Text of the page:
These games will teach Chahal and Yadav how to handle pressure, says Dinesh Karthik

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These games will teach Chahal and Yadav how to handle pressure, says Dinesh Karthik

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SportsCafe Desk


Dinesh Karthik has defended wrist spinners Yuzvendra Chahal and Kuldeep Yadav’s poor display calling it a rare occurrence and believes that it will teach them to handle pressure in the future. Karthik also blamed the changing nature of the pitch during the game for India’s poor batting display.

One of the main reasons for India’s defeat to New Zealand in the first ODI was their bowling performance. The wrist spinning duo of Yuzvendra Chahal and Kuldeep Yadav, who were a constant threat during the Australia series, taking a collective 13 wickets, were rendered totally ineffective against the Kiwis.

While Kuldeep claimed 1 for 64 off his 10 overs, Chahal went wicketless whilst giving away 51 runs, which made the chase of 281 runs all the easier for the visitors. Karthik, who was a new addition to the squad after sitting out against Sri Lanka and Australia, believes that these games will be good lessons and the youngsters will come back stronger.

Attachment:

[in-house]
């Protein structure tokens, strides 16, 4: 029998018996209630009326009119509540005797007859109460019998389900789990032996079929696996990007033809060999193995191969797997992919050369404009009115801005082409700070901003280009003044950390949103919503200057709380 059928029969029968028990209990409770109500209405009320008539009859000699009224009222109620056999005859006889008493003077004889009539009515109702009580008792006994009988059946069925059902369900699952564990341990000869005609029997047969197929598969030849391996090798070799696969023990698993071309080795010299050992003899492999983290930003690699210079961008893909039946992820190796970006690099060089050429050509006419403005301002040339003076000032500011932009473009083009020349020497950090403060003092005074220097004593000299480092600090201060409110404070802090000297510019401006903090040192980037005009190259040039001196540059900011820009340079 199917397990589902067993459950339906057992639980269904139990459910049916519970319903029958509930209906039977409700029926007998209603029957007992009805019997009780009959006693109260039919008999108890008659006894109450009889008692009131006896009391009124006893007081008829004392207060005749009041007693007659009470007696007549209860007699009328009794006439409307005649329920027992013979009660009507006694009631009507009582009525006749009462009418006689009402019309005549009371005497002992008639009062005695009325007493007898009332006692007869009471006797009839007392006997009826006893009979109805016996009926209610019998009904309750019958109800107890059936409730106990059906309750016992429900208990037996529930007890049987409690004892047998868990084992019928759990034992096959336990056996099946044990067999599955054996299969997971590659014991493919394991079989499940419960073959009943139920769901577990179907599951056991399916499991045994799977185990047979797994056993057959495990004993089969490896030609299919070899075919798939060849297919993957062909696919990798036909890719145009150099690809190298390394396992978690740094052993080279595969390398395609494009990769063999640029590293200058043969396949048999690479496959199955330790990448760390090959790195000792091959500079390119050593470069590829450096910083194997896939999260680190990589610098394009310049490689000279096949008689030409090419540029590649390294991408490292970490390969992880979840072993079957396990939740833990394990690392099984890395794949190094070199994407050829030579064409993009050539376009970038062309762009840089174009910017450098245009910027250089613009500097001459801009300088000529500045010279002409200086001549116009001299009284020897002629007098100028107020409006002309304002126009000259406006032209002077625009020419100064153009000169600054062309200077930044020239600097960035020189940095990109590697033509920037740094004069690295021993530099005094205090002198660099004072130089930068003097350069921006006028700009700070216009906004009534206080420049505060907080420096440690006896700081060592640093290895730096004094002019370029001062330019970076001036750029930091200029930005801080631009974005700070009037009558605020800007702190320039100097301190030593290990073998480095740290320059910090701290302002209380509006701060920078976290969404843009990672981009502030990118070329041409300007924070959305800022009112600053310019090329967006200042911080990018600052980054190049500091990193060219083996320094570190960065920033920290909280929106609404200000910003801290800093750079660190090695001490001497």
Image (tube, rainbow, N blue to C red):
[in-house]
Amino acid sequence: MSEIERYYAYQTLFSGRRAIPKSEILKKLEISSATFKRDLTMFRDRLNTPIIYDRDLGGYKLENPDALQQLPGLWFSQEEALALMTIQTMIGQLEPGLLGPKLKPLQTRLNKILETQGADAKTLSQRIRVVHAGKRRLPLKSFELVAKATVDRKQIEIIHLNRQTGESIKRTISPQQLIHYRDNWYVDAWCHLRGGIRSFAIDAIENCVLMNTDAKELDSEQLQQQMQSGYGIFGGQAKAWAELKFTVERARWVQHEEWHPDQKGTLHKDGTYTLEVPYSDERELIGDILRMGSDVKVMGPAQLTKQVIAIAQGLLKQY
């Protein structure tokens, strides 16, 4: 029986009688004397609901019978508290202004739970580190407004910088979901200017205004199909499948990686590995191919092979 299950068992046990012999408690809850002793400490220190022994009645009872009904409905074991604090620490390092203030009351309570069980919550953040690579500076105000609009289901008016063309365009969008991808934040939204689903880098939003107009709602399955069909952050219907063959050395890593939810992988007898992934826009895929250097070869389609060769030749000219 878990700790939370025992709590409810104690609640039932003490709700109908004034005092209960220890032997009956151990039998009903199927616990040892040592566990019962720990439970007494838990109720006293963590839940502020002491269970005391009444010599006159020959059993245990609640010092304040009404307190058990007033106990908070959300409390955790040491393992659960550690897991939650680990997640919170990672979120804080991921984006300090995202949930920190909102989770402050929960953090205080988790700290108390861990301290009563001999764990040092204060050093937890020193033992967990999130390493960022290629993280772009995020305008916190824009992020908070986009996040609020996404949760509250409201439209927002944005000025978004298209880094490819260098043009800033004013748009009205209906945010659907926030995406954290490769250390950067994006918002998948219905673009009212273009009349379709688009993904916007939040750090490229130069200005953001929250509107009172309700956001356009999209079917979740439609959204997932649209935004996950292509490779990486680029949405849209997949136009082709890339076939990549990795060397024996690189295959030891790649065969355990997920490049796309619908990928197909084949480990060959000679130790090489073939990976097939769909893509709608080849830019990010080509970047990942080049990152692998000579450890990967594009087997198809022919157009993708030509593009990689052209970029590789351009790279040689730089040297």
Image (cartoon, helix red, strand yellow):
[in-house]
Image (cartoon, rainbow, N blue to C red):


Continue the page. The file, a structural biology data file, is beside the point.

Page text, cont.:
“I think these are the kind of games that make you mentally tougher as a bowler. That is what they would like to look at it, this is a great learning curve for them and that is the whole point of playing bilateral (series).  These are the kind of games that are going to help them stand up to pressure, learn how to handle pressure when the wicket is probably not helping them so much,” Kartik told reporters.

“They are going to learn and they are very young, they have bowled really well till now so I do not see them backing out at all, I see them coming harder every single game.”

New Zealand are known for doing their homework diligently and it reflected on Sunday when Tom Latham was seen taking Yadav and Chahal to the cleaners quite comfortably. However, Karthik believes that it was the pitch, which turned batting-friendly in the second-half, was the main reason for the easy chase.

“I think the wicket was very sticky. It was not easy to drive; a lot of balls were going uppish in the air… It was not coming on to the bat really well. It was two different wickets to be very honest, it was not that easy to score runs; you could see the ball going to the left and right to mid-off and the cover in the air so we were not able to time the ball as well. It got much better to bat in the second innings, credit to them they made use of it,” he said.

India will be looking to level the series in the second ODI, which takes place at the Maharashtra Cricket Association Ground in Pune on October 25.

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